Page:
When last we left the Avengers, reformed warhawk Tony Stark (Robert Downey Jr.), aka Iron Man, was cleaning up his own militaristic mistakes—namely, the creation of a sentient super-robot-gone-psycho named Ultron (James Spader)—by designing a better, more morally conscious machine in the form of Vision (Paul Bettany). That plot gave Avengers: Age of Ultron a schizoid political dimension in which go-it-alone techno-warfare heroism was seen as both the cause of, and solution to, the world’s problems. It was a shrewd tack that allowed the film to appeal to both sides of the aisle to the tune of $1.4 billion at the global box office. And likely to the chagrin of Clinton and Sanders backers during this heated election year, it’s mostly absent, it turns out, in Captain America: Civil War.
Helmed by Captain America: The Winter Soldier directors Joe and Anthony Russo, Marvel’s latest picks up shortly after Ultron, with Iron Man, Captain America (Chris Evans), and the rest of their superpowered crew facing criticism from both a public and a government—led by Hulk nemesis Thaddeus “Thunderbolt” Ross (William Hurt), who’s now secretary of state—convinced that the damage left in the wake of their missions, when coupled with their autonomy, makes them a threat.
In response to the destruction of Sokovia at the end of Ultron, 117 nations come together to concoct the Sokovia Accords, placing the Avengers under the control of a U.N. council. Iron Man is for this legislation, largely because he continues to be guilt-ridden over the collateral damage produced by his armored ass-kicking. Captain America, however, sees it as a terrifying shackle that could be exploited by untrustworthy politicians—a paranoia clearly born from his Winter Soldier revelation that covert agency S.H.I.E.L.D. was actually controlled by Nazi-esque villains HYDRA.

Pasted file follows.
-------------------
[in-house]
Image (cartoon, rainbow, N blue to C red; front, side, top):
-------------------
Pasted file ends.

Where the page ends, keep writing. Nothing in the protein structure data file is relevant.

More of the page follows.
Tensions come to a boil when Captain America’s long-time buddy Bucky Barnes (Sebastian Stan), aka the brainwashed, metal-armed killer Winter Soldier, is framed for a bombing at the U.N. during the signing of the Sokovia Accords. That terrorist act further convinces the world that the Accords are necessary—including King T’Challa (Chadwick Bosman), aka Black Panther, whose father died in the explosion—and it sends Cap off on an insubordinate mission to protect Bucky, whom he’s sure is innocent because, well, Cap is borderline in love with his old childhood pal. In doing so, he finds himself on the opposite side of a war with Iron Man.
Before long, the two testosterone-fueled superheroes are facing off, each with their own cadre of superpowered supporters.
Like their more general action-movie brethren, most superhero fantasies are inherently conservative in nature, positing independent vigilantes as the surest way to peace, justice, and the American Way. While famed New Yorker critic Pauline Kael’s censure of Dirty Harry as fascistic (a “right-wing fantasy [that is] a remarkably single-minded attack on liberal values") may have been going a tad too far, her overarching point—that the violent protagonists of such movies derive their might and virtue from their disobedience to the law, and their confidence in their own unassailable moral compass—still holds true for today’s crop of costumed do-gooders, whether they hail from Marvel or, as evidenced by this past March’s similarly themed Batman v Superman: Dawn of Justice, rival DC Comics.